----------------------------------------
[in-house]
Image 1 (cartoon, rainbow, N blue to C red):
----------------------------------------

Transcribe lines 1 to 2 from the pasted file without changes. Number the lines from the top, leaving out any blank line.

[in-house]
Image 1 (cartoon, rainbow, N blue to C red):